Social connection and attention is a crucial part of development for any child and even more important for orphaned children. After conducting long-term studies of institutionalized children, Charles Nelson, professor of pediatrics at Harvard University, recognized something deeply concerning: a lack of attention and stimulation had contributed to disturbingly low levels of brain activity in orphans. “The wiring in their brain goes awry,” which ultimately contributes to long-term mental health problems.
The relationship between neglect and poor mental health can be found in institutions around the world. But what can be done when the resources for many of these establishments are often limited?
One organization has found a way to offer emotional healing to abandoned children: they launched a unique program to help combat the loneliness and isolation that institutionalized children often face.
A division of Jo’burg Child Welfare Services (JCW), The Othandweni Children’s Home and Family Care Centre in Soweto, South Africa is so much more than an orphanage. This centre provides residential care for nearly 90 children who have been abused, abandoned and/or neglected. The home is also the South African launchpad for the aforementioned Granny Program – a plan of action that uniquely benefits each child in their care.
According to the 2014 Annual Report for JCW, the aim of the Granny Program is to “ensure children, aged from birth to six years, receive the appropriate stimulation that is very often missing in residential care, but is extremely important to the physical and emotional development of our children.”
Enter the Gogo Grannies of Othandweni – “Gogo,”the word for Grandmother in Zulu, and “Othandweni” meaning “Place of Love.” These “gogo-getters,” as they have referred to themselves, are not only Gogos to their own grandchildren, but they are special grandmothers to the orphans of the home.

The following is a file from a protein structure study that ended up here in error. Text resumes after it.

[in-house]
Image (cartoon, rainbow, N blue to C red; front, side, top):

Othandweni ensures that each child spends two hours a day with their Gogo: two hours a day, Monday to Friday, is allocated to providing the children with specialized attention and love. Ultimately, the purpose of the Granny Program is to help ensure the children at Othandweni are socialized, healthy and prepared for their future adoptive homes. Without regular, long-term commitment to each child, serious medical and social issues are hard to diagnose and repair.
Patience Mokgadi, Sandra Thandi Twala, and Elizabeth Maki Khumalo all work at Othandweni and are all – you guessed it – Gogos. They joined the participants of the Overcoming Isolation and Deepening Social Connectedness Symposium last fall to share their stories about the program and their experiences working at the home.
Granny Twala shared a story about Zinclair – her first granddaughter at the home. Zinclair had trouble with school work and avoided looking people in the eye. Through specialized attention, Granny Twala recognized that something was truly amiss and, after taking her to the physician, discovered that the child had sinus problems that affected her eyes. Now Zinclair has eyeglasses and is doing very well.